Hold down winter feed costs with these feed alternatives

Oct 29, 2010
by DTN

For Troy Ellis, winter feeding is all about holding the line on body condition and making sure cows and heifers are in good shape for a round of AI work by mid- November. But this year, it’s looking to be a more expensive proposition.

Corn prices are up, and in some areas, hay supplies are tight. That could make it more of a struggle to maintain the 5 to 6 body condition score (BCS) Ellis needs to continue to wean a 90 percent-plus calf crop at his ranch near Bowling Green, KY. But Ellis says he’s holding the line on his feeding regime, which includes a mix of corn gluten feed and soybean hulls with dry distillers grains added as needed. This comes up to about 20 percent protein, and he feeds it at a rate of three to four pounds a day, several days a week. After breeding, cows are turned out on any available stockpiled fescue, and then they are fed hay.

As producers like Ellis move to feed hay this winter, one researcher says there may be a way to cut feed costs by about $1 per head. The key is a mix of cornstalk residue and DDGS (dried distillers grains with solubles).

University of Illinois researchers Dan Shike, Taylor Braungardt, Nathan Post and Dan Faulkner set out to find the most economical way to feed cows this winter without sacrificing performance. Shike says, “Our study revealed that producerrs could save about $1 a day per cow when feeding a combination of cornstalk residue and coproducts compared to hay.” The study focused on spring-calving herds.

Shike compared four things: 1) free-choice cornstalk residue with DDGS; 2) free-choice cornstalk residue with corn bran and DDGS; 3) free-choice cornstalk residue with corn bran and high protein DDGS; and 4) freechoice hay. Three-year average price data was used to calculate feed costs. Overall, the cornstalk residue, along with any of the coproducts, cost less than the mixed alfalfa hay (62 percent TDN).

In addition, cows fed the hay lost slightly more body weight than those fed the coproduct diets. There was, however, no change in BCS.

In addition to studying what producers could feed, the study looked at the most efficient way to feed it. What was most economical depended on herd size. Shike reports that in a 50-cow herd, the least expensive winter feeding plan was free-choice cornstalk residue and handfed DDGS. In a 100-cow herd, hand-feeding with buckets was cheaper than using a tractor, but obviously not very practical. Using a tractor to deliver DDGS, however, still kept cost below that of free-choice hay.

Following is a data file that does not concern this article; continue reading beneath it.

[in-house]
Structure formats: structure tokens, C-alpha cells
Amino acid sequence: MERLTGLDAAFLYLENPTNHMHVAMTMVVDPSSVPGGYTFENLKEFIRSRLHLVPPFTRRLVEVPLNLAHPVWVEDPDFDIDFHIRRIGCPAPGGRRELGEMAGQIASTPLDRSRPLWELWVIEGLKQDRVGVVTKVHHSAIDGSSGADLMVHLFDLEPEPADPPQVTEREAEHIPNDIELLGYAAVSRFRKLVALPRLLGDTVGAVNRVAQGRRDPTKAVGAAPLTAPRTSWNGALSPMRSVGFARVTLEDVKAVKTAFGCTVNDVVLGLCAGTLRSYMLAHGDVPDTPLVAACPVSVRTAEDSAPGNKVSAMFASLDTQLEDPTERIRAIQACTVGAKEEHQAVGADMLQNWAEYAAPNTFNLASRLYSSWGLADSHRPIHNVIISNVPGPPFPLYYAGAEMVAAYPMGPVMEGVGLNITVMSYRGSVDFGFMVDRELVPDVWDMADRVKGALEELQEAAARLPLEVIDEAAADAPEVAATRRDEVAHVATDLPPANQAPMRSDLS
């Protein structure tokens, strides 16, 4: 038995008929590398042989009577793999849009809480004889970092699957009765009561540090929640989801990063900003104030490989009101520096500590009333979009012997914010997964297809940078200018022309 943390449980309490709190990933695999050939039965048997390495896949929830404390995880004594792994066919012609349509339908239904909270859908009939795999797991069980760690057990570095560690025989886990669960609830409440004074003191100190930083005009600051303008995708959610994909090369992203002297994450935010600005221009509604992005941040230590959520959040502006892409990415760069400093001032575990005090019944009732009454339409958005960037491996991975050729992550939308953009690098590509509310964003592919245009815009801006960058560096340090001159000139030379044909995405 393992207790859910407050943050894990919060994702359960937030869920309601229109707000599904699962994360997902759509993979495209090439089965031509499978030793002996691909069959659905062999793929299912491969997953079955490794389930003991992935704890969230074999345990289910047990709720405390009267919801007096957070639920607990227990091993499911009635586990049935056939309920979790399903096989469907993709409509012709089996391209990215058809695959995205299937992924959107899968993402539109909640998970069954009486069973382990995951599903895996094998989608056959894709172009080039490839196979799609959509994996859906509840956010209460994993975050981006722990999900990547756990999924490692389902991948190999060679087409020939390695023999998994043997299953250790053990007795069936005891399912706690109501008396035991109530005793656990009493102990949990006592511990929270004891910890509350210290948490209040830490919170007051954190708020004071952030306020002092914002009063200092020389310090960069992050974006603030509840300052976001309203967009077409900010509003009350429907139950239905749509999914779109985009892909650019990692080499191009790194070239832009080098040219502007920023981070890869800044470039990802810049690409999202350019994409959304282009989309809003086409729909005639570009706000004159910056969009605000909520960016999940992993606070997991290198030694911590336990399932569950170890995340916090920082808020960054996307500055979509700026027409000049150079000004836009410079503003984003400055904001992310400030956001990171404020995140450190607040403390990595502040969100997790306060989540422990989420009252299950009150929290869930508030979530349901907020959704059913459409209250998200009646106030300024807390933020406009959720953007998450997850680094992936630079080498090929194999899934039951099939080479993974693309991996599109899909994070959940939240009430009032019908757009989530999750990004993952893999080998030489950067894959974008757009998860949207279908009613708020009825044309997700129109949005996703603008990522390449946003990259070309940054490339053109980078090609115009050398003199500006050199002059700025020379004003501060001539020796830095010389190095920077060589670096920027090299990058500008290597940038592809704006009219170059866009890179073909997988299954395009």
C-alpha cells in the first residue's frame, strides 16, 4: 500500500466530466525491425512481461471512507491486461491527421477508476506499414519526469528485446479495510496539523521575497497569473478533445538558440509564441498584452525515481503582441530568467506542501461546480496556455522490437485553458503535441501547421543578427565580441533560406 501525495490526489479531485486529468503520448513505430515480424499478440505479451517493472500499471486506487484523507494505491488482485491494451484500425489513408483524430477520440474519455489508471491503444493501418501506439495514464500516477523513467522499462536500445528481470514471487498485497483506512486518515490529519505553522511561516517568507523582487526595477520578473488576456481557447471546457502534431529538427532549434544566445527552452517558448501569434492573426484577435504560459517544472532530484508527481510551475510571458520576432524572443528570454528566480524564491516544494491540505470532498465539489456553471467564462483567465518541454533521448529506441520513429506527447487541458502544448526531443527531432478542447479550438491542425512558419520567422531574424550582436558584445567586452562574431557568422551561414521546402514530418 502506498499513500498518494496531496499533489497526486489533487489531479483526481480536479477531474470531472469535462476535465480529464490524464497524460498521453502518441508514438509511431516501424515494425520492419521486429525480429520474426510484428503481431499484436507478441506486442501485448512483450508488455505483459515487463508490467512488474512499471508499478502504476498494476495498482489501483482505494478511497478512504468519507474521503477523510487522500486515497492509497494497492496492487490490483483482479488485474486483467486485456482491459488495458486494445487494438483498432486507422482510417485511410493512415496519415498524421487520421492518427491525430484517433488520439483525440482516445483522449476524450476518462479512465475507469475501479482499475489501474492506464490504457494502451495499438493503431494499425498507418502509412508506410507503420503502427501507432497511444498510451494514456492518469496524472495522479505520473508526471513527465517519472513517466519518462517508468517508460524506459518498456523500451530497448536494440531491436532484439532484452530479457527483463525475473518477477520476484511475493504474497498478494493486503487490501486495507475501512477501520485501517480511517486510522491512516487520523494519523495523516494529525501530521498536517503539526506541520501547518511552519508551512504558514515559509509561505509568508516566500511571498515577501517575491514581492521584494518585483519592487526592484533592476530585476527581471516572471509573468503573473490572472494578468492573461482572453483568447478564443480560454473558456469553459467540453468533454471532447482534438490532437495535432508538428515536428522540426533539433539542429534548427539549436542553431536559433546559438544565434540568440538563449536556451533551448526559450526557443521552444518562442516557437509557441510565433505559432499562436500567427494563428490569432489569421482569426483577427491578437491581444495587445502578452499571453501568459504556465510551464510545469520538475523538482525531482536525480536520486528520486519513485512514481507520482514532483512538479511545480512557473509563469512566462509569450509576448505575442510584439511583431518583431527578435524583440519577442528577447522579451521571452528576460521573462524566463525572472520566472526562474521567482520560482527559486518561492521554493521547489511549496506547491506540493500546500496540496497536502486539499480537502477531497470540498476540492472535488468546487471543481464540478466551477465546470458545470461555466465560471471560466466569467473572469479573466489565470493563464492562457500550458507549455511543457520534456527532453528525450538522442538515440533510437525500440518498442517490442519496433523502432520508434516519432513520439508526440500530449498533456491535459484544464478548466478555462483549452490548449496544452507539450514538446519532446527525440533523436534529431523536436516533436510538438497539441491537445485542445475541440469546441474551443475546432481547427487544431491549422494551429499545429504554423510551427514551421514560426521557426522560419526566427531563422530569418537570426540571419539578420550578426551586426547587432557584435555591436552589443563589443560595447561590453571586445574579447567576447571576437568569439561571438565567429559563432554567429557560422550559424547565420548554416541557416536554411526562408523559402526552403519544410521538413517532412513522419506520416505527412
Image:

The biggest savings showed up in cow herds of 200 or more. Shike says total cost for the hay at $2.50 per cow per day was easily $1 more than the three DDGS diets combined with free-choice cornstalk residue, which averaged $1.44 per cow per day.

“The breakeven price for hay would be about $76 per ton, when corn residue is priced at $55 per ton and DDGS is $124.71 per ton, the study reports. This means if alfalfa-mixed hay cannot be produced or purchased for less than $76 per ton, feed costs could be reduced by feeding corn coproducts and corn residue bales. Producers who decide to try cornstalk residue shouldn’t wait to buy it, adds Shike. He suggests locating supplies as soon as possible.

As alternative feed supplies vary in price and availability by region, the key to an economical winter feeding program is being aware of the options. It’s important to know the nutritional value of any feedstuffs you consider this winter. For high energy, good choices include whole soybeans, ground wheat, cracked corn, distillers grains and whole cottonseed. For good sources of crude protein, consider soybean meal, cottonseed meal, distillers grains, whole soybeans and brewers grains.

To compare prices of a variety of feedstuffs, try the University of Illinois’ Cost of Feedstuffs Calculator at www.farmdoc.illinois.edu under their FAST Tools section. This online tool allows producers to compare the cost of purchase, transport and storage for 120 different feedstuffs. — DTN